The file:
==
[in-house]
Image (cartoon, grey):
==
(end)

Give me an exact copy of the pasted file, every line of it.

[in-house]
Image (cartoon, grey):